The Biden administration denied event permits for the Rolling to Remember motorcycle ride held every year for the past 30 years in Washington, D.C., prompting outrage in Congress.
The charity event, formerly known as Rolling Thunder, is a Memorial Day hallmark in the city, bringing scores of veterans and others to the area to commemorate war veterans, including prisoners of war and those missing in action.
The event was jeopardized at the last moment after the Pentagon declined to issue a permit allowing the group to gather in its parking lot, citing restrictions associated with the ongoing coronavirus pandemic. Biden administration officials "refused to talk with event organizers" and "refused to respond to Congress about this topic," according to Rep. Darrel Issa (R., Calif.), who was one of several members to petition the Pentagon in April to approve the event.
The Pentagon approved the permit in March and then rescinded the decision this week without any explanation, according to Issa and Rep. Ken Calvert (R., Calif.), who also criticized the Biden administration's decision. Permits for the event, which is hosted each year by the nonprofit group American Veterans, were approved by the Department of Transportation, the Department of the Interior, and several state-based agencies. The Pentagon's decision to deny the group a permit "leaves patriotic veterans without a safe alternative" to gather, Issa said.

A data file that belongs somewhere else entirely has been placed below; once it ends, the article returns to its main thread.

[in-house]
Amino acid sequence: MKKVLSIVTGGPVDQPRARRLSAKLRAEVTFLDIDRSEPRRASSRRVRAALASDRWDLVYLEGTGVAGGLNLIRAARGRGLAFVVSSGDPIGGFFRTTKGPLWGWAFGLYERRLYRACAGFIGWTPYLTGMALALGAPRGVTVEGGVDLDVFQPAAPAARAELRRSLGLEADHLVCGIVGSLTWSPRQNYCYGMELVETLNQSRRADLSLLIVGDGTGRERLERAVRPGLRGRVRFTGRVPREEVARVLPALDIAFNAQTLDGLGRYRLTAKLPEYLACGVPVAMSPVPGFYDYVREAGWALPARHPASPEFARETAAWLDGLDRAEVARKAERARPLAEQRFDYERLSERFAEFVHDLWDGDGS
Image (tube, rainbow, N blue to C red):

Issa accused the Biden administration of playing politics, particularly as President Joe Biden recently hosted a political rally in Georgia.
"The Rolling to Remember event is no less safe," Issa said. "The only difference is the politics that are denying veterans the opportunity to honor their fallen comrades. If patriotic veterans are not welcome at the Pentagon, are they truly welcome anywhere in the Biden Administration?"